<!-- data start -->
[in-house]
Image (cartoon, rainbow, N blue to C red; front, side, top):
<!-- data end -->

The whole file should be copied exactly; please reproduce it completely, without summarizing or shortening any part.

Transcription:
[in-house]
Image (cartoon, rainbow, N blue to C red; front, side, top):